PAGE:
Published by the Students of Johns Hopkins since 1896
April 16, 2024

Dr. Quinones holds fundraiser at Homewood

By MARTIN KANG | March 7, 2013

“Don’t travel the way where there is path. Travel instead where there is no path, and leave a trail for the others,” Alfredo Quinones said at a fundraising event held on Monday.

Quinones, also known as “Dr. Q”, is a Professor of Neurosurgery and Oncology and a renowned author from the Johns Hopkins Hospital. He studies the migration of brain tumor stem cells, and is one of the two neurosurgeons at Hopkins who receive funding from the NIH. He is certainly an accomplished surgeon, but his background is what makes his story even more extraordinary.

Born in a small village in Mexico, Quinones “literally jumped the border fence into the United States” at the age of 19, as described on his website. Arriving in the United States with little money and a barely working knowledge of English, Quinones created his own path with marked determination, from the migrant farms of California to University of California, Berkeley, Harvard Medical School and finally to Hopkins Hospital where he became a neurosurgeon.

As he dedicated his entire career to the advancement of medicine, following the path of every accomplished physician or surgeon, Quinones was taken aside by Michael Lawton, Quinones’ mentor and Professor of Neurological surgery at University of California, San Francisco.

“‘You are academically incredibly successful, and you are seated

in your very nice office’,” Quinones recalled Lawton saying to him, “‘But you have gotten so focused on getting your grants, getting your career … that you have forgotten where you truly came from.’”

“He was telling me something that I didn’t want to hear, “Quinones admitted. “I told him that ‘I’m really not ready for this. I’m barely getting out of the debt of medical school.’”

After much deliberation, however, Quinones made the decision to go back to Mexico.

“I’ve always wanted to take my children back to Mexico, show them where I came from, and do something for the people who are less privileged than I have been. And that’s exactly how the journey began.”

In the summer of 2011, Quinones, along with many other distinguished surgeons, established a mission in the Guadalajara, Mexico to provide care, free of charge, through the Community Neurosurgery project.

“For the first time, we went [to Guadalajara] to provide major complex brain surgeries, so complex that it would be complex here at Johns Hopkins. Otherwise, there is no possible way that any of these patients will be able to afford coming to the United States and pay the large bills to do these surgeries.”

This was a truly challenging mission, as the surgeons had to perform complicated surgeries in a clinical environment that was vastly under-equipped with the necessary surgical instruments.

“We had a case of a lovely young man who had a tumor on the right side, right underneath the motor cortex,” Quinones recalled. “You can do this case two ways. You can just put him to sleep, and go ahead to take the tumor out.”

However, in order to perform this surgery, the surgeons had to know the exact location of the motor cortex. Without sophisticated equipments like functional MRI, Quinones decided that he could not safely operate on the young man while he was under the effects of anesthesia.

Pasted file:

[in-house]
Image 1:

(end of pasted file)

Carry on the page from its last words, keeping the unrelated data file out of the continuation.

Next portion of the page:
“The only way we can do this surgery safely for me, was to keep him awake. That is exactly what we did.”

Only by keeping the patient awake were the surgeons able to find the exact location of the motor cortex of the patient. To do so, the surgeons simply stimulated various parts of the patient’s brain and observed his responses to the stimulations.

The surgery was a success: the patient retained his speech and motor abilities after the tumor was removed. This testifies to the resourcefulness of the surgeons. But there was more to it.

“The beauty to this surgery is that,” Quinones said as he pointed to a video of the patient after the surgery. “He was able to hold his son. This just touches me in ways that I cannot even begin to explain to you.”

“Joe Flacco is about to be the highest paid football player in the world, but I promise you, no matter how much money he makes, or how many touchdowns he scores, he can’t possibly have the feeling that I get when I see this patient doing that,” Quinones added. “To me, no amount of money can give me that feeling.”

The surgeons went back again in the summer 2012 for the second annual Community Neurosurgery project and performed six more complex neurosurgeries in Guadalajara. To their advantage, this time, the project received not only the continued support of the Hopkins Hospital but also many other organizations in the medical industry.

It can be said that Quinones had, once again, created his own path, brought help to the underprivileged in Mexico and left a trail for the others to follow.

Ultimately, Quinones had a far greater ambition.

“We are going find a cure for brain cancer,” Quinones told the undergraduate audience. “And I believe that we can use this as a symbol. One day we can find a cure for brain cancer, and then we can find a cure for any other diseases. And I’m not only talking about biological diseases. I’m talking about diseases in our society, like inequality, and so many other things that affect our world.”


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